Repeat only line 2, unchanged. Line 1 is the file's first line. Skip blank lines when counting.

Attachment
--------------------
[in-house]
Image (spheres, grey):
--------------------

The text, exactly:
Image (spheres, grey):